UCLH clinicians design stroke EPR

The following article was originally published on the E-Health Insider.

University College London Hospitals NHS Foundation Trust and 6PM have created a tablet-based electronic patient record system for stroke patients in hospital.

Dr Parashkev Nachev, senior clinical research associate at the trust, told EHI Strokepad is unique because it acts as a substitute for pen and paper, allowing clinicians to enter free text and data directly at the patient’s bedside.

“It has pen and paper functionality built in everywhere so if you don’t have a field that catches something, you can always write something down,” he explained.

Strokepad is designed to be connected to other hospital systems, such as pulling information from the A&E department if a patient presents there and is admitted to a stroke ward.

There is a desktop version, but it also runs on a tablet computer, which every nurse or doctor on the ward is expected to have with them at all times, said Dr Nachev.

Staff trialling the technology used Dell tablets that they could sling on to their backs while treating patients, but it can work on any Windows 8 tablet.

Dr Nachev said information is often entered via tick boxes, but the system uses an algorithm to process it into “human readable text”, so it resembles the way doctors or nurses would usually talk to one another.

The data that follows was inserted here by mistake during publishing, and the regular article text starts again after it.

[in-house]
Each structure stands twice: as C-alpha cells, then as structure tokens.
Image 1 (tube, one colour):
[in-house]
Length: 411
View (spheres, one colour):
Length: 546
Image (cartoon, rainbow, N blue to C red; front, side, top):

“It’s gathering information constantly so when it comes to generating a discharge summary, it’s already written as a human letter,” he explained.

This is a key benefit as discharge summaries are often of low quality, but take up significant resource to produce.

“At UCLH, as in other hospitals, we have relatively senior clinicians spending a large proportion of their time writing discharge summaries, averaging at about one full time role per day,” said Dr Nachev.

Clinicians at the trust were heavily involved in the design and construction of Strokepad, which has been in development for around two years.

“It’s been slow because we were very keen that we got it absolutely right, in particular the interface,” he said.

“The fundamental problem is to design the human-computer interface so as to make data acquisition transparent to the clinical process. There is no room for additional administrative burden: clinicians are already working flat out.”

It is now being rolled out across the hospital’s acute stroke unit and could be replicated for other specialist areas such as cardiology.